Sema is no exception – each instance of Sema stores an arena: std.mem.Allocator field. This arena is used for any temporary data needed during semantic analysis – such allocations are thrown into the arena, which is then chucked out when this individual semantic analysis completes. A single analysis is either analyzing the value of a declaration (a global const or var), or is analyzing a runtime function body (type checking it and generating code). Any such analysis may call arbitrary comptime code: for instance, in your snippet, analysis of the runtime body of main evaluates getEvens(16) at comptime.

The next piece of the puzzle is how mutable and immutable memory is represented at comptime. Most comptime-known values are stored in a thing called the InternPool. This is a global store for a huge amount of data – most notably comptime-known values, but also interned strings, and some other weird stuff. (“Interning” is essentially deduplication here; rather than having a whole bunch of copies of the value @as(u8, 0), we use some clever datastructures to keep a unique copy of it, saving memory and allowing fast equality checks.) The InternPool aims to be a fairly memory-efficient representation of arbitrary values (most things are stored as a handful of u32 in a monolithic array – this is a common technique in modern DOD-style Zig code). On the other hand, we have mutable variables (which you might hear called “comptime-mutable memory”). These are not stored directly as interned values, largely for performance reasons: interning them would mean that mutating, say, a single element of an array would require reconstructing the entire array in the pool. Instead, we have a separate value representation optimized for mutating aggregates. This representation is able to live in the Sema arena, because a rule of Zig is that references to comptime-mutable memory are not allowed to “leak” into the value of a global or into runtime code (*).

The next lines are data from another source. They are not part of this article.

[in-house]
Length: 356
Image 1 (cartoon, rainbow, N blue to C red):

Regarding interned values (those stored in the InternPool), the idea is that the pool can undergo periodic garbage collection using a simple conventional mark+sweep approach. However, this is currently vaporware, since the InternPool is a fairly new creation (more on this later). Thus, interned values are currently never cleaned up.

So, looking at your code, we note that our directly mutable memory (evens) is actually a slice, not an array. This means that the array this slice is referencing isn’t comptime-mutable memory, and thus uses the interned representation. That actually means that the temporary arrays here don’t undergo any garbage collection!